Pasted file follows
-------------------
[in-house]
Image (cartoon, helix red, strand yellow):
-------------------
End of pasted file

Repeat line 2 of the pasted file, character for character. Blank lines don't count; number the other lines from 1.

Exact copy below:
Image (cartoon, helix red, strand yellow):